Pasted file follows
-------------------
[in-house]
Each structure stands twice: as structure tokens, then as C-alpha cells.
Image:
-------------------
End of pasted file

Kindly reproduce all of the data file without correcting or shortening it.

[in-house]
Each structure stands twice: as structure tokens, then as C-alpha cells.
Image: